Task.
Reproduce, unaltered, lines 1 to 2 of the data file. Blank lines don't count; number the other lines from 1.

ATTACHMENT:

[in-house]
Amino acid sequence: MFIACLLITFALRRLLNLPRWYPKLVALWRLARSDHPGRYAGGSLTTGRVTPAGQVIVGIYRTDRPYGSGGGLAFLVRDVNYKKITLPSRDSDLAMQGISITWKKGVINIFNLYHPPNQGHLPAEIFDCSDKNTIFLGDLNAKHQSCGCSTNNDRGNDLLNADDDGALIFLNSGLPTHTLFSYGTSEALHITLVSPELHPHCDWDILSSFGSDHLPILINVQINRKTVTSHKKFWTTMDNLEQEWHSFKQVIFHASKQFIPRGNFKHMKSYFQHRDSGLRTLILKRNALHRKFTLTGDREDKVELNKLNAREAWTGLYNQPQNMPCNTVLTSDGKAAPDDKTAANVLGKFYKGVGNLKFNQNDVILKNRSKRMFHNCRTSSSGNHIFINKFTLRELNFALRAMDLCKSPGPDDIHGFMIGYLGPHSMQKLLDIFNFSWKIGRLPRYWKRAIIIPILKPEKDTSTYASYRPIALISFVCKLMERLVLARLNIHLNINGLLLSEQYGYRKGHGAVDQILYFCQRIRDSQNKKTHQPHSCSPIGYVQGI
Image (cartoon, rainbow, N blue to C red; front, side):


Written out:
[in-house]
Amino acid sequence: MFIACLLITFALRRLLNLPRWYPKLVALWRLARSDHPGRYAGGSLTTGRVTPAGQVIVGIYRTDRPYGSGGGLAFLVRDVNYKKITLPSRDSDLAMQGISITWKKGVINIFNLYHPPNQGHLPAEIFDCSDKNTIFLGDLNAKHQSCGCSTNNDRGNDLLNADDDGALIFLNSGLPTHTLFSYGTSEALHITLVSPELHPHCDWDILSSFGSDHLPILINVQINRKTVTSHKKFWTTMDNLEQEWHSFKQVIFHASKQFIPRGNFKHMKSYFQHRDSGLRTLILKRNALHRKFTLTGDREDKVELNKLNAREAWTGLYNQPQNMPCNTVLTSDGKAAPDDKTAANVLGKFYKGVGNLKFNQNDVILKNRSKRMFHNCRTSSSGNHIFINKFTLRELNFALRAMDLCKSPGPDDIHGFMIGYLGPHSMQKLLDIFNFSWKIGRLPRYWKRAIIIPILKPEKDTSTYASYRPIALISFVCKLMERLVLARLNIHLNINGLLLSEQYGYRKGHGAVDQILYFCQRIRDSQNKKTHQPHSCSPIGYVQGI